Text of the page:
Authors sue Google
Do no scanning
The Authors Guild, along with a former US poet laureate, is suing Google for copyright infringement.
Google operates two programs intended to incorporate print material into its search index, one of which, the Google Print for Libraries program, is targeted by the suit. Google has been scanning the collections at five libraries, bypassing the authors - who of course hold the copyright on their works - and including selections in search results.
"This is a plain and brazen violation of copyright law. It's not up to Google or anyone other than the authors, the rightful owners of these copyrights, to decide whether and how their works will be copied," Authors Guild president Nick Taylor said in a statement.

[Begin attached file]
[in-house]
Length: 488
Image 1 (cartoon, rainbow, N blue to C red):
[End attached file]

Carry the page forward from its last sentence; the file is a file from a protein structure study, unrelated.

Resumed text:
The Guild represents 8,000 authors in the United States, and the case was filed in a New York District court and names three authors including poet Daniel Hoffman.
Google suspended its library digitization last month, but it wasn't enough to mollify the publishers.
"Google, an enormously successful company, claims a sweeping right to appropriate the property of others for its own commercial use unless it is told, case by case and instance by instance, not to. In our view this contradicts both law and common sense," the Associate of University Presses replied. ®
Sponsored: Today’s most dangerous security threats